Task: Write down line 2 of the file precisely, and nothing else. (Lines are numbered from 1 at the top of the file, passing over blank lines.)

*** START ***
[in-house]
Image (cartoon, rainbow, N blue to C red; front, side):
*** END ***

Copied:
Image (cartoon, rainbow, N blue to C red; front, side):